How to Make Votive Candles

votive candle artVotives are often one of the first things candle makers learn to make, and for good reason- they are small, easy and attractive. Votive molds are one of the most inexpensive of all candle molds and very little wax and color are needed.
The only equipment that you absolutely need is wax, a wick, a votive mold and something to melt the wax. The wax can be melted in a pouring pot, a double boiler or in an old pot of any kind.

The only real criterion is that it should be a pot that you don’t ever plan on cooking with. For larger projects, a candle thermometer is a necessity to keep the melted wax from reaching its flash point, which is the point that it bursts into flames. Liquid wax is just as flammable as gasoline at that point, so extra caution is always a good idea. But, if you are making nothing more than a simple votive, the thermometer step can be skipped. The amount of wax needed will be so small that it will melt quickly and will be ready to pour right away. If you want to add color or scent to the wax, add these at this time.

While the wax is melting, affix your wick into the mold. This can be done by taking raw wick, tying it onto a stick and hanging it into the pot, or you can buy a wick attached to a wick tab. Those are the simplest- you just drop it into the mold and pour in the wax. However you affix your wick, once the wax has melted, it is ready to pour.

Pour the wax into the mold slowly. After the wax is poured close to the top of the mold, gently tap the sides of the mold. This will loosen any small air bubbles that were made during the pouring process. If the wax was poured too quickly, there may be more bubble, and you can stir the wax in the mold gently to try to loosen them. Of course, the best idea is to have as few air bubbles as possible, so make sure to pour as slowly as you can.

Once the wax is in it will need to have time to cool. Check it every 10 minutes or so to see how the wax is shaping up. Wax shrinks as it cools, but never seems to shrink in exactly the same way twice. Some votives will shrink unilaterally across the top, and some will shrink toward the middle and leave a sink hole in the top. If there is a sink hole, pour a little extra wax into it to even it up. Through trial and error, and some really hideous candles, I’ve learned that the trick is to pour just enough to fill the hole and to come even to sides of the top. If you fill it with more than that, there will very likely be a line all the way around the candle that shows where you added the extra. If you put in too little, there will be a line showing the edges of the extra amount you added in. This is the hardest part of making votives, but if the fill-in wax just touches the edges of the candle there will be no weird lines and no one will ever be the wiser.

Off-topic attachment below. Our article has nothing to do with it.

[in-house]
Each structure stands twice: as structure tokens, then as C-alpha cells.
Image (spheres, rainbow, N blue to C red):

When a votive dries, unlike many candles, the top that you see is actually the top and not the bottom. Larger candles are generally inverted after taking them out of the mold so that the shrinkage area isn’t as apparent. But with votives, the world will see that top surface. If you used the hanging wick method to make your votive, cut the wick so that it stands about 1/4 – 1/2 inch above the wax. And there it is- a lovely new votive ready to burn. Or, you can leave it lying around and warn everyone not to ever burn it, not that I ever do that. Whichever.

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